**On a completely unrelated note, apparently director Joaquim Dos Santos is a Yes fan. Maybe his name is just more common than I can possible know, but if that’s his comment on John McFerrin’s music review site, than that’s a neat little factoid, wouldn’t you say? (Ctrl + F his name, but know that that e-mail address doesn’t work. I tried it.)
All screenshots courtesy of piandao.org.
With Youmacon fast approaching, I’d prefer to have a nice vacation from work and school unburdened with thoughts of unfinished business. That includes the final parts of the Avatar: the Last Airbender finale review, which are currently in the editing stage. I apologize greatly that it took so long, but complications in so many areas arose in my life that have, hopefully, been conquered now, allowing me more time to dedicate to this blog. I mean, I’ve seen got to re-watch The Legend of Korra, don’t I?
Part Three will be up Wednesday, October 31, 2012.
Part Four will be up Thursday, November 1, 2012.
– Marshall Turner
(Thanks to school and personal problems, I have not been in a reviewing mood lately, and it would be unfair to continue my thoughts on the finale without: 1) giving it another viewing; and 2) being in the right frame-of-mind to give my thoughts on it. In the meantime, to get back in the groove, here are my thoughts on this video interview, The Last Airbender, and the aftermath.)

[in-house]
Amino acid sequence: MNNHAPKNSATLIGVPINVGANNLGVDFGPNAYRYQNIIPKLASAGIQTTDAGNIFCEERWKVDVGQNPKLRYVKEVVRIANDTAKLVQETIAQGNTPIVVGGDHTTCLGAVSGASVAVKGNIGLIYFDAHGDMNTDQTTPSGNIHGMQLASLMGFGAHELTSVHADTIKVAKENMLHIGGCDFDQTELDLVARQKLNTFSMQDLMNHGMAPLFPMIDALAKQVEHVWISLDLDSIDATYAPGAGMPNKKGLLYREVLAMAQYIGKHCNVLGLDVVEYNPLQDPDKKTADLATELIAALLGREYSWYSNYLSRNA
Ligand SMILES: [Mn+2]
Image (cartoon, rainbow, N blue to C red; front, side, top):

Re-watching this interview between creators Michael Dante DiMartino and Bryan Konietzko and film director M. Night Shyamalan, you’d think this was the most awkward photographed instance of an artist being in such close and friendly proximity with someone who can rightfully be classified as a “murderous monster.”
It’s hard nowadays to recall a time when everyone was actually excited by the prospect of a live-action Avatar: the Last Airbender adaptation, even one directed by a post-Happening Shyamalan. Hell, even I was excited. Back around that time, I was finally starting to like the show, but felt that it being a television production limited its cinematic scope. A live-action version would provide just what was needed to truly bring the amazing Avatar universe to life.